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Obsessive-Compulsive Disorder

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Obsessive-Compulsive Disorder commonly referred to as OCD, is defined according to the Obsessive Compulsive Foundation (2007), as the neurological disorder characterized by recurrent unwelcome thoughts known as obsessions and repetitive behaviors known as compulsions that its sufferers feel the need to perform.

Though OCD sufferers are usually over meticulous, and feel some stress while performing their “rituals”, people should not be quick to judge an individual that is overly zealous about the appearance of things. A person has to have obsessions, compulsions or a combination of both to be classified as a sufferer of OCD (DSM-IV-TR, 2000).

OCD affects 2.2 million American adults (Kessler et al, 617); it is the 4th most common neuropsychiatric illness in the United States, 1 in 40 adults and 1 in 200 children suffer from OCD at some point in their lives (OCF, 2007). Judging from these numbers, one can infer that this is a serious disorder, whose signs and symptoms affect the lives of its sufferers and those around them. Fortunately, research has been conducted to show probable cause, identify the signs and symptoms, and prove treatments that can be used in treating or reducing the signs and symptoms. This paper will elucidate on the cause, signs and symptoms, treatment, and future directions in combating the disorder known as OCD.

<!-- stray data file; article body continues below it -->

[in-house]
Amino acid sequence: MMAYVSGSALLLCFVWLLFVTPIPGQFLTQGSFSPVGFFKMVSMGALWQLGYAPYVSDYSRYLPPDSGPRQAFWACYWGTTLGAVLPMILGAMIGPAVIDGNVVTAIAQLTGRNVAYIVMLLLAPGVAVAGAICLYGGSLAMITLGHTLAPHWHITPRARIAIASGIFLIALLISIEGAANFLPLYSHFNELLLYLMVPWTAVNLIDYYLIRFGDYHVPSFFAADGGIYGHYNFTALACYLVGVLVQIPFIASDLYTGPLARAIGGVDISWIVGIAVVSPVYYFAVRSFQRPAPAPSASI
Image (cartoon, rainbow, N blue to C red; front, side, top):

There are two different factors that are considered to be the cause of OCD, with each having its own proponent: there is the minority supported psychological factor and the majority supported biological factor.

The psychological factor was explained by Sigmund Freud (1950), and he called it “touching phobia”. He said:

After it has started, in early childhood, the patient shows a strong desire to touch, the aim of which is of a far more specialized kind that one would have been inclined to expect. This desire is promptly met with an external prohibition against carrying out that particular kind of touching. The prohibition is accepted, since it finds support from powerful internal forces, and proves stronger than the instinct which is seeking to express itself in touching. In consequence; however, of the child’s primitive physical constitution, the prohibition does not succeed in abolishing the instinct. Its only result is to repress the instinct (the desire to touch) and banish it into the unconscious. Both the prohibition and instinct persist: the instinct because it has only been repressed and not abolished, and the prohibition because, if it ceased, the instinct would force its way through into consciousness and into actual operation. A situation is created which remains undealt with- a psychical fixation- and everything else follows from the continuing conflict between the prohibition and the instinct. (p. 29)

Because it has been alleged that Freud frequently consumed opium, and because of the controversy of his beliefs, it would not be out of character if this may be the reason why most psychologists do not believe this theory, because the validity may have been compromised.

The biological factor comprises of a number of hypotheses and theories that attempt to explain how OCD may be caused. They include: genetics, neurotransmitters, and brain activity and function.